Poem 62 ± August 5, 2015

Ron Mohring
Now That You Know

How would you like it, he said, if I stuck
my cock in your pocket
and pissed in your boot? —Sure, why not, I said (it was a leather bar),
but he turned and fled,
unable to cope with specifics. This happened last night, but lately
it’s been the story
of my life. I think I’ll take out a personal ad: GWM, healthy & poz,
seeks partner in crime . . .
Make no mistake, I’m needy and willing to pay. I’m having
that dream again:
my daddy makes me blow him behind the tool shed. I swear
I can’t say if that’s
a memory or not; there are places even I refuse to go.
At the Now That You Know
workshop, our humpy leader asks for a list of body fluids
(he’s writing on the whiteboard)
but everyone’s afraid to say shit, so I riff off cum, jizz, cream, spunk,
spooge—he writes one word,
semen, and I laugh, a contestant on the wrong
game show. I’m only here
because they’ll do my blood work free; there’s not a thing
I don’t know (now that it’s
too late) about HIV, but some of these poor boobs look really scared,
so I decide to shut up
and dumb down. It’s two more hours of How to Wear a Condom,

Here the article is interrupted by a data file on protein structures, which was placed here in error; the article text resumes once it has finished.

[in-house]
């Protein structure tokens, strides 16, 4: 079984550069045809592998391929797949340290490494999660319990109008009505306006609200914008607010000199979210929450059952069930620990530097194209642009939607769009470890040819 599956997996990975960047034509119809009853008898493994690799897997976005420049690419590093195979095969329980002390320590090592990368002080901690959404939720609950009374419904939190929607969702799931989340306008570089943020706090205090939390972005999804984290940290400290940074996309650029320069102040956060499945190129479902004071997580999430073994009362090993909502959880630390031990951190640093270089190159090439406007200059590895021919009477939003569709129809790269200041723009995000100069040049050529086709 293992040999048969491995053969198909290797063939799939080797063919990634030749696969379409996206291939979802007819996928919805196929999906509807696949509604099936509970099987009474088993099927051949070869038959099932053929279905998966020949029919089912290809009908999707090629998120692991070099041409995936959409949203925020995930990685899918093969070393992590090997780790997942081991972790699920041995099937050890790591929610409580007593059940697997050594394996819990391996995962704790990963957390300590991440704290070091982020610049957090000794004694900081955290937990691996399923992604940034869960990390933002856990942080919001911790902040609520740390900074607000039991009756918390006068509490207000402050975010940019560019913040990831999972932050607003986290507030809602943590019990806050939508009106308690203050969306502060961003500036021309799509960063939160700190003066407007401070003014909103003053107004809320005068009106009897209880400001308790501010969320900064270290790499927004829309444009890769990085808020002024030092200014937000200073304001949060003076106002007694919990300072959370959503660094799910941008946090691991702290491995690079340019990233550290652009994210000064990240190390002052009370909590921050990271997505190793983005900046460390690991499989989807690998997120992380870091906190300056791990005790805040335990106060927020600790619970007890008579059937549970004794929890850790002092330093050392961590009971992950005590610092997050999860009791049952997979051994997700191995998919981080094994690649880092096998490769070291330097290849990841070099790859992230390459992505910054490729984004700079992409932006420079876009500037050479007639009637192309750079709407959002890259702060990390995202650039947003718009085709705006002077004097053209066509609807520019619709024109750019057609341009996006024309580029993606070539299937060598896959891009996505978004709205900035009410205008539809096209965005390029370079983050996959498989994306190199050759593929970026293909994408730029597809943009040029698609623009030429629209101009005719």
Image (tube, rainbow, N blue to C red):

How to Tell Your Partner,
a slide show tucked in somewhere, with optimistic pies and graphs.
I refuse to kid
myself: I figure on ten good years if I’m lucky and the Republicans
don’t round us up
and stick us on some island (or worse). Humpy Leader tries
to peek at my yellow
pad where I’m doodling a mesomorph—flashy teeth, killer pecs,
salami halfway to his knees—We’re losing you, he says. What’s that?
and what can I do
but grin and say This? Hey, this is for you.

Ron MohringRon Mohring is the author of Survivable World (Word Works, 2004), winner of the 2003 Washington Prize, as well as the chapbooks Touch Me Not (Two Rivers, 2005), Beneficence (Pecan Grove, 2003), The David Museum (2002, New Michigan Press), and Amateur Grief (Thorngate Road, 1998), which won the Frank O’Hara Chapbook Award. His poems are included in the anthologies Common Wealth (Penn State, 2005), Poetic Voices Without Borders (Gival Press, 2005), How to Be This Man (Swan Scythe, 2003), Sweet Jesus: Poems about the Ultimate Icon (Anthology Press, 2002), and Things Shaped in Passing (Persea, 1997). His poems have appeared in Alaska Quarterly Review, Artful Dodge, Bay Windows, DIAGRAM, Gettysburg Review, Hanging Loose and many other journals. After 35 years away, Ron Mohring has returned to his home town and recommends you read George Hodgman’s Bettyville for an inkling of what that feels like. He is the founding editor of Seven Kitchens Press.

This poem is previously unpublished.